I live in a house that was built in the 1930's. I'm paranoid that the old pipes for hot and cold water(for the kitchen, shower, etc..) are contaminating the water. Is this something I should be worried about? What is the best way to test the water that flows through the pipes in my house?

  • If it worries you that much, have it tested. Is anybody in the house constantly sick, does the water taste funny?
    – Tester101
    Oct 13, 2011 at 1:57
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    Are you on a city supply, or well/intake? Is there anything you're particularly concerned about? Do you have a lead service pipe, or lead pipes in your house? Do you have a cistern that's connected to your water supply?
    – gregmac
    Oct 13, 2011 at 4:27
  • Ryan, if you answer the questions gregmac poses, I can give you some specific recommendations. Oct 13, 2011 at 8:46
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    @shirlockhomes that's kinda what I'm asking. Should I even be worried about this? Is it possible for 80 year old plumbing to contaminate our water? How do I determine if I have lead pipes? What's a cistern?
    – Ryan
    Oct 13, 2011 at 20:38
  • @shirlockhomes I have some more info. The pipes going into my water meter have "FIG 1018" written on them. They also have "walworth" on them. But they are painted white so I can't tell you what they are made of. Also, I can see a lot of piping under my home and almost all of it appears to be around 1/2" inch copper piping. There did appear to be a small grey pipe connected to all the copper. So maybe all the lead piping was replaced with copper more recently? Does any of this help you?
    – Ryan
    Oct 13, 2011 at 21:13

3 Answers 3


Water testing (from what I've seen) is cheap and easy enough that it's worthwhile to do if you are worried at all. If you're in the US, check with your local Department of Natural Resources to find out where to get a sample kit. Where I live, it's $10 for a container and testing from my State Health Lab.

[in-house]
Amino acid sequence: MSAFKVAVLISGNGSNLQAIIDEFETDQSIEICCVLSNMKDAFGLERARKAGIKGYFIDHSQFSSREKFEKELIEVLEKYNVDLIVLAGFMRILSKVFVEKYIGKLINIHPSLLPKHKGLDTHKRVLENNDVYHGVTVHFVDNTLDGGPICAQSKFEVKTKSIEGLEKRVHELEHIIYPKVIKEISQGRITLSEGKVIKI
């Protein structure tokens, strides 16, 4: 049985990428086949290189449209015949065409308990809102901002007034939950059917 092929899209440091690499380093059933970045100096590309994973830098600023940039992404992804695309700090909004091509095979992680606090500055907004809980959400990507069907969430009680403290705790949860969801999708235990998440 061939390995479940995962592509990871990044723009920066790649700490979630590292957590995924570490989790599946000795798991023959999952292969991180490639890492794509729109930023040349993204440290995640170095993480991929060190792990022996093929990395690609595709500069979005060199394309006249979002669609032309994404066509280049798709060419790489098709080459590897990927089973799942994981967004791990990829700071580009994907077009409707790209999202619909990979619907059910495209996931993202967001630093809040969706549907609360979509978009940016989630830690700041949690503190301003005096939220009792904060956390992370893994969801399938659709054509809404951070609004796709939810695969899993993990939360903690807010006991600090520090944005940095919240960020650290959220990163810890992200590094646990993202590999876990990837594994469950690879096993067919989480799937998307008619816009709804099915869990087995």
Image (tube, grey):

Typically, you'll need to sterilize a faucet before you take a sample (either using a torch or flushing it with bleach) and you'll need to drop it off for testing fairly quickly (24-48 hours). This is third-hand from my home inspector (and I'm sure different labs have their own requirements for prepping and collecting the sample) so definitely read the directions you get with your kit. I recently purchased an older home with a well and I'll be doing a test myself this week so I'll be able to follow up with actual experience soon :)


Your locality should test water in the area on a regular basis, but this is via sampling, so problems specific to your home will be missed.

You can almost certainly send a sample off to a lab and have it tested, and the EPA may point you towards someone that will perform various tests, particularly for lead. But since we're all about DIY, the easy solution is to pickup your own test kit which will help identify problems in your own plumbing. You can find these on amazon (search on "drinking water test kit" if the link stops working), and if you're lucky, the local HI store may even stock these.

Note: I've never used one of these kits before, so I can't personally vouch for their reliability. However, I have sent samples of water to my municipality in the past (I didn't receive an individual report back from this). For best results, you need to sample the first water that comes out of your tap after sitting overnight.


In some areas, you can even get a free water test. Here in Toronto, we got a free water test and our lead levels were higher than I'd like, although still within the range of acceptable.

Seems like finding out how much it would cost you to get a water test, and then getting one done if it's not too expensive is a reasonable step to take, particularly if it'll give you some peace of mind.

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